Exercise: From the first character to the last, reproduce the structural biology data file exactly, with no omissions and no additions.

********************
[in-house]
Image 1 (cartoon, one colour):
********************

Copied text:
[in-house]
Image 1 (cartoon, one colour):